Saturday, November 28, 2009

Chris Hunt's book ... 20 percenf off!

For friends of Eat More Brook Trout, we're offering Chris Hunt's acclaimed book, "Shin Deep: A Fly Fisher's Love for Living Water," at a 20 percent discount. Simply go to and enter discount code YBXAJ7LD.

Smoked brook trout patte'

Thanksgiving is behind us, but a few holiday feasts remain, and there are still some great ways to put those smoked brookies from the summer's catch-and-kill adventures to good use. One of my favorite ways to used up smoked brookies is to put them in a fantastic patte' that goes great on chips and crackers, with a little sharp cheese.

Here's what you'll need:

  • Four cups chopped smoked brook trout--put it in a food processor and puree it for best results. Do your best to remove all the bones.
  • Three cups cream cheese, softened.
  • One teaspoon garlic powder
  • One-half teaspoon red pepper
  • One chopped yellow or purple onion
  • Salt and pepper to taste
Simply mix all the ingredients together in a food processor, and blend together nicely. You can shape the final product into a "cheese ball" and even coat it with good chopped smoked almonds, or you can simply put it in a bowl. The smoky flavor of the fish, combined with the garlic and onions is excellent, and the red pepper gives it a bit of a kick. Enjoy...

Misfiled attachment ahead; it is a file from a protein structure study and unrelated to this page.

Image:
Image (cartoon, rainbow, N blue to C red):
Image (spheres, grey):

Wednesday, November 4, 2009

Wild steelhead or a hatchery clone?

Moldy Chum, the popular fly fishing website, is seeking input from Washington state steelhead anglers, asking fly fishers how much they value wild fish vs. the hatchery steelhead now diluting the waters of the Northwest.

The state has placed a priority on managing for wild steelhead over the hatchery clones that, sadly, make up the bulk of the steelhead catch in the Northwest these days. Most steelhead anglers love to catch any fish, but the chance to catch a wild fish is what keeps a lot of die-hard steelheaders going.

Add in the problems hatchery fish cause to wild populations (undue competition, lack of genetic diversity, increased likelihood of disease) and it makes perfect sense for the state to manage its ocean-going runs for wild fish.

Take the poll at --the results will be shared with the Washington Department of Fish and Wildlife. Strengthening wild fish--wherever they swim--should be a priority for all fish and game management agencies.